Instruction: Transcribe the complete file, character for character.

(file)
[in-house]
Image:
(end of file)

[in-house]
Image: